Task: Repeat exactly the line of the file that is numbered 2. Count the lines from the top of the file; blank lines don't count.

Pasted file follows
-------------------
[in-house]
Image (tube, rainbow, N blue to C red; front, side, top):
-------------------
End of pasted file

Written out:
Image (tube, rainbow, N blue to C red; front, side, top):